In the Futurismic post-bag this week comes news of a new independent science fiction movie called Chronoslexia. It’s being made here in the UK by an outfit with the very Marxist moniker Opiate Of The People Films, and its plot is summed up as follows:
What if in your everyday life you experienced glimpses of your future, and for moments relived your past? Talking about a childhood pet could send you back to the times you had with it – meeting a potential partner could throw you forward to your eventual breakup. How do you live a life knowing what’s around the corner? This condition is called Chronoslexia – and our movie seeks to ask those questions.
Sarah suffers from Chronoslexia, and when offered a cure, she jumps at the chance to take it. The solution may very well be worse than the condition itself – but what if the future doesn’t have to play out like she experiences? What if fate doesn’t have to be inevitable?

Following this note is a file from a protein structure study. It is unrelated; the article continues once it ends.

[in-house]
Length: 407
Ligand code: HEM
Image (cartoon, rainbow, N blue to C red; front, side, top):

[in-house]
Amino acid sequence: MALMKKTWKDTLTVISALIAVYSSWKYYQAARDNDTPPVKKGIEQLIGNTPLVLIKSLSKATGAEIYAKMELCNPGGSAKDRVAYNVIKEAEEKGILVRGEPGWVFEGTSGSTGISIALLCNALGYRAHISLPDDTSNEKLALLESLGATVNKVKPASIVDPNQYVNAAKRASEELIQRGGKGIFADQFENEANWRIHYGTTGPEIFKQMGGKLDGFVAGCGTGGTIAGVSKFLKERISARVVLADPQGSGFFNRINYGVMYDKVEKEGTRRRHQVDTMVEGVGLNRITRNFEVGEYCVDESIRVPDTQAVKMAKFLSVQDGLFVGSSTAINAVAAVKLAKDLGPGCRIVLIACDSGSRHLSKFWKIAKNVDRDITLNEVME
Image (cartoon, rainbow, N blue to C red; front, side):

It’s an interesting if well-worn premise; one can only hope that the independent nature of the project means they haven’t felt the need to cave in to the crap Hollywood clichés that tend to hobble or maim high-concept science fiction films (“Wow – it turns out that this is how God wanted it to happen all along!”).
But decide for yourself – you can go here to watch the trailer (which I can’t seem to find a way to embed – a situation that makes the 20-second ad preceding the trailer that much more annoying. C’mon guys, use YouTube, Vimeo, whatever… d’you want people to watch this thing or not?)
Speaking of independent movies, Iron Sky – the Nazis-on-the-Moon project from the people who put together the low-budget Trek spoof Star Wreck – has rustled up 90% of its US$8.5 million budget through various participatory offerings and crowdfunding methods [via TechDirt]. With a premise that good (I mean, come on, Nazis on the friggin’ Moon – even a cinema cynic like me would struggle to resist that hook), it’ll be a shame if it ends up sucking, but even if it does, it’ll have served a higher purpose: namely to have demonstrated that crowdfunding can work for big projects like making a movie. If the film’s any good, I’ll consider it a bonus.